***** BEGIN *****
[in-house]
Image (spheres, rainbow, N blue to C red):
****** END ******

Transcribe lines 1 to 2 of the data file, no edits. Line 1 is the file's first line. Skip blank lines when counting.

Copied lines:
[in-house]
Image (spheres, rainbow, N blue to C red):